The original Birdland was tiny and quirky, with narrow twisting paths and lots of little plaques with quaint sayings in unexpected places. But the collection of birds was nonpareil (to use a word that is quaint and quirky too). Free-flying macaws, including a pair of hyacinthines, Lear's macaws (in an aviary), lories galore, swift parakeets, Pesquet's parrots, king cormorants and quite a few softbills. On my first visit, with my father, there were three tropical houses with a variety of hummingbirds (not uncommon to see a few in the '70s, but never so many species) and I remember a Jamaican streamertail trying to pluck a wispy hair from my father's head in the the walk-through tropical house (actually it was more of a walk, stand in awe for a while and then walk out again). Look in the Gallery for my photos of king cormorants, Wilson's bird of paradise, toucan barbet, Narina's trogons, resplendent quetzal and paradise flycatchers. On my final visit there was a new tropical house near the exit, it was a walk-through with half a dozen red birds of paradise :cool:
     
  6. Andrew Swales

    Andrew Swales Well-Known Member

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    If I interpret the original question correctly, it could be reworded as 'which of the closed collections had the most exciting assortment of species?'

    I remember Birdland pretty much as described above. Stock-wise and in attention to detail, it was certainly king of the bird gardens, and like the rest must have been fueled by the bird trade with a considerable stock turn-over. I visited a couple of times and the hummingbird house was as described as above, but there we no birds of paradise or Pesquet's which had to wait until Blijdorp many years later. Did they keep birds long enough to have any breeding success, like Stagsden, Flamingo Gardens or Norfolk?

    With regard to TLDs list, I visited Kilverstone many, many times, met the Fishers on several occasions and we received Red-bellied Tamarins from them. I never saw a Pacarana, Dusky Titi, either Olingo spp or Spiny Rat; and the Pampas Cat must have been there, but I never saw it. Marail Guans and Little Chachalaca were bred elsewhere, and Graham Dangerfield advertised home bred Grey Foxes pretty much every week in the Cage & Aviary - so I guess some of the spp were just single individuals or were quite short lived? They certainly had a pair of Tayra on the way into the walled garden and Grison inside it. I remember (it?) as a Lesser...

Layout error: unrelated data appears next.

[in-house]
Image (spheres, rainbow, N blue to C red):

7. Tim May

    Tim May Well-Known Member Premium Member

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    Both forms of olingo were bred at Kilverstone; I recall seeing Lady Fisher wheeling a hand-reared olingo round in a doll's pram!
    Kilverstone's grey fox were born at London Zoo.
     
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  8. Andrew Swales

    Andrew Swales Well-Known Member

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    A common form of transport for much of the collection, mammals at any rate...

    A brief precis - Falabella Horses/Kilverstone Hall Wildlife Park
     
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  9. TeaLovingDave

    TeaLovingDave Moderator Staff Member

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    Of these....

    Pacarana - I have a feeling I once heard that the individual/individuals at Kilverstone came from Zurich, which kept the species between 1970 and 1985, in which case Kilverstone would have had the species at some point in this timespan.

    Dusky Titi - these were bred in 1983, and still kept in 1990 according to the guidebook published in that year.

    Lowland Olingo - these were first bred in 1983 - a UK first breeding - and kept at the collection until it closed in 1992.

    Northern Olingo - these were first bred in 1982 - a European first breeding - and kept until 1991, at which point only a single individual was kept. This individual was sent to Wilhelma, where it was present from 1991 until 1999, and subsequently moved to Kerzers where it remained from 1999 until it died in 2006. At this time it was the last Olingo in Europe.